Environmental Studies & English 4120 -- Spring 2023
Cultural Studies and Climate Change
Now is a time of dire emergency for the Earth, a time when drastic and dramatic measures must be taken so that our planet remains habitable. The global COVID pandemic was a kind of fire drill for the climate crisis, emphasizing the the importance of science, the relatedness of all human communities, and the necessity of collaboration and changing behavior.
A cultural studies approach to understanding the climate crisis can foster a deeper understanding of the human social systems that cause global heating and possibilities for meaningful action.
This course brings together tools from the humanities and social sciences to consider: the global impact, history, politics, and ethics of global warming; imagined representations of warming in the future and their relevance to the present; and, ways to mobilize people to address climate change via social movements. This semester we will begin by paying special attention to the topic of climate migrants and refugees.
Geologists now identify our geological epoch as the Anthropocene, a time when our planet is dominated by humanity. But that domination is not equal among all people. A cultural studies perspective might more specifically say we are living in the Capitalocene; as Jason Moore describes:
The Anthropocene is not only dominated by the rise of global capitalism, but also a history of invasion, genocide, slavery, colonialism, and ongoing inequality and exploitation. As Kathryn Yusoff puts it in A Billon Black Anthropocenes or None:
As a senior-level course crosslisted in both English and Environmental Studies, this class involves careful and extensive reading. Students are expected to purchase paper copies of the books, always do the reading, bring books to class, and come prepared to contribute. Since the class is discussion-based, attendance and preparation are essential to your own learning and to the learning of your classmates. Your class participation grade is based on how well you have done the reading and prepared for class; I will ensure that your voice is heard and everyone participates!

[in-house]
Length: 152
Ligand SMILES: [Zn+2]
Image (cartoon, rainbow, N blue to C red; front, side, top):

Missing any classes will affect your learning. Missing 3 classes or more will lower your grade and missing 5 classes may lead to failing. Study my philosophy regarding discussion, preparation, participation, attendance, grading, and learning!
Students in this course are expected to keep up with current events regarding the course theme. Take advantage of the WMU library making the NY Times available to WMU students for free. The Guardian is also a good news source, especially on climate issues, and can also be accessed for free.
The course is intended to develop your ideas, your capacity to share ideas, your commitment to preserving life on earth, and your capacity to make a difference. Much of the writing for this course will be in a public voice and for an audience beyond the classroom. Your final course grade will be an average of grades for the major assignments, listed and weighted below.
WMU Climate Change Syllabus Statement: Climate change is a serious social problem, and examination of the climate disruptions due to global warming may evoke a strong emotional response. Some who come to understand the dire consequences of the climate crisis may experience what has been called 'climate grief' or 'climate anxiety.' To seek counseling, become informed about ways to deal with climate anxiety, or to get involved with others who are as concerned about the climate crisis, view the resources listed on the WMU Climate Change Working Group website.
Furthermove, WMU has many additional resources to foster student health and well being.
My office is 723 Sprau Tower, 387-2605. Office hours are before and after class and by appointment. You can always reach me via email.
Mon Jan 9: Introductions
Wed Jan 11: Our Climate Future
Mon Jan 16: MLK Day
Wed Jan 18: Migrant & Refugees
Mon Jan 23: Migrants & Refugees
Wed Jan 25: Climate Migrants & Refugees
Mon Jan 30: Climate Migrants & Refugees
Wed Feb 1: Climate Emergency Month Planning Day
Mon Feb 6: Climate Migrants & Refugees
Wed Feb 8: Present Climate Migration Public Documents
Mon Feb 13: Africa, Asia & Latin America
Wed Feb 15: Africa, Asia, & Latin America
Mon Feb 20: Africa, Asia, & Latin America Cont'd
Wed Feb 22: Climate Emergency Month Planning Day
Mon Feb 27: Africa, Asia, & Latin America
Wed Mar 1: Imagining the Future
Mar 6-10: Spring Break
Mon Mar 13: Imagining the Future
Wed Mar 15: Imagining the Future
Mon Mar 20: Imagining the Future
Wed Mar 22: Electrify!
Mon Mar 27: Electrify!
Wed Mar 29: Electrify!
Mon Apr 3: Promoting Electricity Transformation
Wed Apr 5: Competing to Go Electric
Mon Apr 10: Social Movements
Wed Apr 12: Social Movements Cont'd
Mon Apr 17: Social Movements Cont'd
Wed Apr 19: Social Movements Cont'd
Apr. 24-27 Finals Week
Wed Apr 26 2:45-4:45: Final Exam